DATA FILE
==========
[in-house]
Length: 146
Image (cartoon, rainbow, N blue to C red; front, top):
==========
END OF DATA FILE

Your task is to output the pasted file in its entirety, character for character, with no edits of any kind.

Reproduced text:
[in-house]
Length: 146
Image (cartoon, rainbow, N blue to C red; front, top):